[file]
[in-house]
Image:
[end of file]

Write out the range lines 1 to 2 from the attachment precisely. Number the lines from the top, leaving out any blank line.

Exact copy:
[in-house]
Image: